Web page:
Anne Carson the poet and classicist created a journal of scraps and reflections following her brother’s death, and Nox, this book in a box, is the closest approximation to that journal that she could manage. Each fold-out verso contains a single word from the Catullus poem, with a translation of that word and some examples of its use. The rectos have a variety of things on them, memories and photographs and thoughts about history and night-time and memory.

There is nothing not great about this. Except, obviously, that Anne Carson’s brother died. The book is in a box. It’s Catullus. It’s Anne Carson-not-Sexton, whose haunting, evocative scraps of translated Sappho in If Not, Winter won my heart, as if my heart needed winning. (Catullus adored Sappho’s poetry, by the way. Catullus loved Sappho so much that when he had to use a fake name for his married girlfriend so her husband wouldn’t catch on, he nicknamed her “Lesbia” after Sappho’s island home of Lesbos.) The papers fold out.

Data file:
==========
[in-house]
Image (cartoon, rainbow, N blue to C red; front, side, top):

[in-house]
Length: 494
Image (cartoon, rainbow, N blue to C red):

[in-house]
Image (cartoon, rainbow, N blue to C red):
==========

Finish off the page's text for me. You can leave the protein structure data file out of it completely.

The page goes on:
Okay, this is not a review. I didn’t read the book yet although I really really want to. I didn’t buy it because I am about to get a bunch of new books from another source, and since I am poor, and new books are not a regular feature in my life, I’d rather space out the new book acquisitions. My plan was to wait until some week when I was having a really, really bad day, and then buy the book for myself as a lovely treat. Only it occurred to me that Nox is published by New Directions Publishing Company, and it is a small press, and what if I waited and then when I went to buy Nox I couldn’t find it? That would make a bad day worse, not better. Thoughts?

P.S. Frances of Nonsuch Book loved it, and has pictures. Ditto Emily of Evening All Afternoon.